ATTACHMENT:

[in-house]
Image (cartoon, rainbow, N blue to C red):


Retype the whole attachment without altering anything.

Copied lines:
[in-house]
Image (cartoon, rainbow, N blue to C red):